First federal 'right to repair' legislation filed in US to help hospitals through pandemic

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First federal 'right to repair' legislation filed in US to help hospitals through pandemic

August 06, 2020
Business Affairs HTM Parts And Service
An opinion piece by Robert J. Kerwin

Senator Ron Wyden (D-Ore) and Rep. Yvette Clark (D-NY) filed today in the U.S. Senate and the U.S. House of Representatives the first federal right-to-repair legislation.

“There is no excuse for leaving hospitals and patients stranded without necessary equipment during the most widespread pandemic to hit the U.S. in 100 years,” Wyden said in a statement. “It is just common sense to say that qualified technicians should be allowed to make emergency repairs or do preventive maintenance, and not have their hands tied by overly restrictive contracts and copyright laws, until this crisis is over.”

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Many are regarding this as the first formal recognition in Congress that some manufacturers are imposing undue restraints on hospital biomeds and independent servicers’ access to repair information in a manner which could be impeding hospitals treating their patients during a national health crisis.

Wyden and Clark are seeking that the legislation be given immediate consideration to aid medical providers grappling with shortages of critical equipment. Titled, “Critical Medical Infrastructure Right-To-Repair Act of 2020”, the bill seeks temporary relief during the pandemic emergency from provisions of the copyright and patent laws which could be used to limit rights to service access information.

Some manufacturers have previously used these provisions in lawsuits to claim copyright or patent infringement for accessing equipment maintenance information or circumventing technological measures that control access. If adopted, not only would this "Right-to-Repair" legislation enable lawful circumvention under the language of the legislation, but it would also allow incidental copies of service materials made during maintenance or repair of "critical medical infrastructure".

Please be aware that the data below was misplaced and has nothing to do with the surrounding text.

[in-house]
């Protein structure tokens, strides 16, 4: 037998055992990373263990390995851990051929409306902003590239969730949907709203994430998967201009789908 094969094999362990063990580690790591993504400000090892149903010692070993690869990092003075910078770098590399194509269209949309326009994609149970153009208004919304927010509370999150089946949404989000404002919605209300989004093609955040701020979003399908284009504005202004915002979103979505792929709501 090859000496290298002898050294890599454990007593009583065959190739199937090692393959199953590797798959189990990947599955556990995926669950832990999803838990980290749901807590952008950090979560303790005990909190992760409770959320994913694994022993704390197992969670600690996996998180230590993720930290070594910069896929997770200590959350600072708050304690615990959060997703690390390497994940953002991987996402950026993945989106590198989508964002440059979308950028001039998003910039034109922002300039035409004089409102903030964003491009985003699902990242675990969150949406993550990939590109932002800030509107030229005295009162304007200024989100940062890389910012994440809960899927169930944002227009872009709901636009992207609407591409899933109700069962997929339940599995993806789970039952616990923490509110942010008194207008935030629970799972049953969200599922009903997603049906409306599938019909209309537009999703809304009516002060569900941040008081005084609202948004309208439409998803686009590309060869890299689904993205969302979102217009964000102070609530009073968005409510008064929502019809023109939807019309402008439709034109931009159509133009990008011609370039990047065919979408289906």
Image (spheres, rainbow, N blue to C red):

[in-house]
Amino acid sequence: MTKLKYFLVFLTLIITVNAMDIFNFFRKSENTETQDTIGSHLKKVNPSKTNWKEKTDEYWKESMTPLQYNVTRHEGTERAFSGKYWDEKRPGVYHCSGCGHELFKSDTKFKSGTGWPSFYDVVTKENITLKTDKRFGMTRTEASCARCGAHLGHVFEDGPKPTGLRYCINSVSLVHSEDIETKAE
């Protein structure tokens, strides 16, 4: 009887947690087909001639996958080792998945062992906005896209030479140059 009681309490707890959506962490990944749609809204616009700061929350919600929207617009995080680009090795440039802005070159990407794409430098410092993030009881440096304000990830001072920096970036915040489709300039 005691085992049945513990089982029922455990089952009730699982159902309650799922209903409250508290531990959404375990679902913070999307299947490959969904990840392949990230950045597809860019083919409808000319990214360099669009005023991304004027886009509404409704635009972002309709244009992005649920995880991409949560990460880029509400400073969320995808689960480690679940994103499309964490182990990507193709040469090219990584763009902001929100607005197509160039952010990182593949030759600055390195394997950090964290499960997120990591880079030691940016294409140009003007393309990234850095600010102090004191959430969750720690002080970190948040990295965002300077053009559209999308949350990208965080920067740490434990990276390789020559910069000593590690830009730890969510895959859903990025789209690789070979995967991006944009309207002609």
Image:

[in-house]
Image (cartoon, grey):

The language of the bill is narrow, and by its terms expires at the end of the declared public health emergency. By law, Public Health Emergencies expire at the end of 90 days unless renewed. The current renewal of the public health emergency was declared by HHS Secretary Azar on July 23, 2020 and will expire in October if it is not renewed at that time.

IAMERS has worked with Senator Wyden and U.S. P.I.R.G. and other industry leaders in a coalition to help fashion the legislation. Supporters of the bill include American College of Clinical Engineering (ACCE), National Rural Health Association (NRHA), National Association of Rural Health Clinics (NARHC), Alliance for Quality Medical Device Servicing (AQMDS), ISS Solutions Healthcare Technology Management, The Repair, Association Electronic Frontier Foundation (EFF), Color of Change, Public Knowledge, R Street Institute, Lincoln Network, Niskanen, Center Colorado Association of Biomedical Equipment Technicians (CABET), Maine General Medical Center, Pennsylvania Public Interest Research Group (PennPIRG), and the Center for Democracy & Technology (CDT).

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Wayne Webster

It's a good start

August 10, 2020 10:02

The OEM's are working hard to eliminate the ISO and the medical center biomedical engineers. This Bill is the first large Congressional step in the right direction. Let's get this approved and then let's see if we can make it permanent.

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Jacob Lien

Curious about patient harm

August 17, 2020 11:21

I'm definitely curious about the inevitable scenario when an authorized service agent outside the manufacturer, with the best intentions, repairs the system inadequately and down the road results in patient harm. I'm usually not one to bring up what-ifs...and am usually an advocate for right-to-repair fights, but this seems over the top. Especially when it comes to the topic of this being extended post pandemic.

When are system warranties void?
Is biomed immediately fully responsible for the system once opened up?

Small business medical device manufacturers would be hard pressed to support anything like this when it comes to negligence from third parties effecting product support and ultimately patient safety.

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Wayne Webster

re: Curious about patient harm

August 18, 2020 02:12

In its response to Congress on this matter within the last two-years, the FDA concluded third parties “provide high-quality, safe and effective servicing of medical devices”. This outcome was as a result of a year-long study about safety of service performed by third parties. But, the larger point is that by withholding key information from commercial third parties and hospital biomedical engineers, the OEM's bring on the very safety concerns they grouse about. Therefore, one can only make a single conclusion...it's not about safety it's about eliminating the independents from the market and thus controlling all the revenue from the medical marketplace. It's time to stop monopolistic practices that result in less competition and higher costs.

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